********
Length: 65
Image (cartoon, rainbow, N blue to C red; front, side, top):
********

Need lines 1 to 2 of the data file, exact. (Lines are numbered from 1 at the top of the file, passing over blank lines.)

Length: 65
Image (cartoon, rainbow, N blue to C red; front, side, top):